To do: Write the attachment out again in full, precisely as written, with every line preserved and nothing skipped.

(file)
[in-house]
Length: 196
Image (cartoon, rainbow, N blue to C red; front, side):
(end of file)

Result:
[in-house]
Length: 196
Image (cartoon, rainbow, N blue to C red; front, side):